It’s that time of year again, full of family gatherings and festive events. For our family of four young children and two tired parents, even the smallest excursion can be difficult. Additionally, whether we like to fully admit it or not, our children’s challenges will most likely affect the degree of merriment.
Between our four children, they have diagnoses of Autism, ADHD, Anxiety, and Epilepsy. We know that each time we venture out in public the cards are already stacked against us, yet we still like to experience all the holiday season brings. The challenge, however, isn’t always just for us. Sometimes it can be a challenge for those that are attending the event alongside our clan.
We are like a fart in a theater- you just can’t ignore us.
This past weekend we attend “Elf Jr.” a musical for children. It was cute, engaging, and most of our children loved it. Our children’s ages are 2, 3, 5, and 7. We probably should have left our littlest one at home, considering the 2:00 show was during his naptime. However, we like to be out together as a family, even if that means one parent is going to have to leave with “the difficult child”, whoever it happens to be that day.
Our row of six seats contained four buckets of popcorn, five bags of fruit snacks, two bottles of water, and a sippy cup full of milk (ooh- re-read this sentence singing the twelve days of Christmas).
Anyhoo, besides a bit of loud talking and messy popcorn eating, the three older kids behaved fairly well. The 2-year-old however, was up and down, throughout the entire show. His messy fingers graced the hair of the mom in front of us, and when he demanded his shoes and socks off, I am sure she could smell the pungent aroma coming from his little toes. Finally, as he lay quietly on the floor by my feet, the scene in the show fell silent, and that’s when he farted loudly… and my family giggled.
Let it be known, that farting loudly for all to hear is not the way to spread Christmas cheer.
I am used to the looks we get, some empathizing and forgiving (like that mom), and some disappointed in our parenting. Usually, I try to not spend time engrossed in what others are thinking of me. I know what we look like from the outside- a chaotic crazy mess of children, a frazzled mom trying to control them, and a dad that is usually working and can’t help with the chaos. While that is true on many days in public, behind the scenes we are doing a few things right.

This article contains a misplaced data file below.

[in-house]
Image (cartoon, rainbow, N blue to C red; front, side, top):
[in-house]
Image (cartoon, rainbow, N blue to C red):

Therefore, if you see us out and about looking a mess, please also understand these:
10 things you should know about my out-of-control family
1. We know we are a lot. We’ve got a lot of people, stuff, and sometimes problems. We’re still in the stage of sippy cups, snack bags, and travel toys. We need those to help avoid outbursts and meltdowns. That is who we are, and we are ok with that.
2. We get each other. My husband is stressed when the house is too messy. I get worked up on party days. One child demands on figuring everything out on his own, while our girl can’t stop crying when she’s tired. Another child hates public bathrooms, and his brother very literal. He isn’t being difficult, he’s trying to understand or be understood. We have our quirks and we’re learning how to handle them better, but we also give each other the room to be who we are.
3. The most valuable things in our home are not fancy cars or gadgets. The most valuable things are tall block towers, custom crayon artwork, trains with working batteries, day-long Lego creations, and whatever toy their sibling has.
4. Our manners are not the same as yours. We say please and thank you, but farts are still funny. While we practice what to do/say in public, at home we’re not always polite.
5. Our punishments are probably not the same as yours either. We use time out only when they get kinda crazy. Instead, we spend extra time coaching our children to deal with their emotions, to make better choices, and to use their words. Consequences are based on their intentions, not their actions.
6. We are committed. My husband and I are in this crazy messy family that we love, together. We are committed to raising the best versions of our children. It might not be exactly how others would do it. That’s ok.
7. We FEEL real hard: If we are happy- we’ve got to share it with you. When we are sad or hurt, you’re sure gonna know how bad it is. When we love, our bottom lips quiver and eyes fill up with tears because our hearts are so full.
8. My children face challenges and sensory stimuli that you cannot see. Please understand that when they are at their worst, sometimes they are trying their best.
9. Parenting is hard. Parenting four children who have special challenges is hard. Add any other variable = even harder. We as their parents are doing our best.
10. We wouldn’t change it. These are our people and we are going to let them be little. They’re only that way for a while.
Outings, no matter how stressful they can be, are a part of life. From doctor appointments to Target runs to musicals, we will be there with our crazy messy selves, growing up a little bit each time.
Are you a special needs parent (or just a parent trying to get through events)? What would you like others to know about your public or private life?